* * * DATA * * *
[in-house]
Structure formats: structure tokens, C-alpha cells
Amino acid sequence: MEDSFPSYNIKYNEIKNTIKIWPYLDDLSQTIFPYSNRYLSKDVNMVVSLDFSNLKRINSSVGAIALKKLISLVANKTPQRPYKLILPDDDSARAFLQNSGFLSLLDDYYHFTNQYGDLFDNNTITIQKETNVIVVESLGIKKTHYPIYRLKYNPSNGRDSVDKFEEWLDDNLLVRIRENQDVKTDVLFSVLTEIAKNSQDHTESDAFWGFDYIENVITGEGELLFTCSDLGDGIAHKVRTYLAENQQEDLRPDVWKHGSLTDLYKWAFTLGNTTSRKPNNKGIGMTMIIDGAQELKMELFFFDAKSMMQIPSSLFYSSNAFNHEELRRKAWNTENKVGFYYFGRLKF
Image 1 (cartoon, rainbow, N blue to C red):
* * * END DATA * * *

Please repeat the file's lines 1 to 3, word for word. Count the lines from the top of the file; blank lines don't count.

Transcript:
[in-house]
Structure formats: structure tokens, C-alpha cells
Amino acid sequence: MEDSFPSYNIKYNEIKNTIKIWPYLDDLSQTIFPYSNRYLSKDVNMVVSLDFSNLKRINSSVGAIALKKLISLVANKTPQRPYKLILPDDDSARAFLQNSGFLSLLDDYYHFTNQYGDLFDNNTITIQKETNVIVVESLGIKKTHYPIYRLKYNPSNGRDSVDKFEEWLDDNLLVRIRENQDVKTDVLFSVLTEIAKNSQDHTESDAFWGFDYIENVITGEGELLFTCSDLGDGIAHKVRTYLAENQQEDLRPDVWKHGSLTDLYKWAFTLGNTTSRKPNNKGIGMTMIIDGAQELKMELFFFDAKSMMQIPSSLFYSSNAFNHEELRRKAWNTENKVGFYYFGRLKF